This self-contained textbook covers fundamental aspects of sequence analysis with special emphasis on evolutionary biology, including sequence alignment, exact matching, phylogeny reconstruction, and coalescent simulation. It addresses these topics through a series of over 800 computer problems, ranging from elementary to research level, to enable learning by doing. Students solve the problems in the same computational environment used for decades in science – the Unix command line. This is available on all four major operating systems for PCs: Windows, macOS, chromeOS, and Linux. To learn using this powerful system, students analyze sample sequence data by applying generic tools, bioinformatics software, and over 50 programs specifically written for this course and available via GitHub. The solutions for all problems are included, making the book ideal for self-study. Problems are grouped into sections headed by an introduction and a list of new terms. By using practical computing to explore sequence data in an evolutionary context, the book enables readers to tackle their own computational problems.
Bernhard Haubold studied Natural Sciences at Cambridge University, UK and completed his DPhil in bacterial population genetics at Oxford University, UK in 1998. After training as a Post-Doc at the Max-Planck-Institute for Chemical Ecology in Jena, Germany he worked in the biotech industry before taking on a professorship in Bioinformatics at the University of Applied Sciences, Weihenstephan, Germany in 2003. In 2008, he moved to his current post as a researcher at the Max-Planck-Institute for Evolutionary Biology in Ploen, Germany. He also teaches Bioinformatics at Lubeck University. Together with Thomas Wiehe, he is the author of Introduction to Computational Biology: An Evolutionary Approach, which was published by Birkhauser in 2006.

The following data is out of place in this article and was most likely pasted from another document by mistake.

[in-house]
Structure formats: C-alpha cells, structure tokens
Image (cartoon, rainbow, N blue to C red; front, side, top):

Angelika Börsch-Haubold studied Pharmacy at Freiburg University, Germany and Pharmacology at Cambridge University, UK. She completed her DPhil in Pharmacology at Oxford University, UK in 1997, and was a junior research fellow at Linacre College, Oxford between 1997 and 1998. From 2005 to 2008, she taught various courses at the University of Applied Sciences, Weihenstephan, Germany. From 2008 to 2014 she worked as a researcher at the Max-Planck-Institute for Evolutionary Biology in Ploen, Germany. She has contributed teaching material to Science in School and was involved in translating the fifth edition of Molecular Biology of the Cell into German.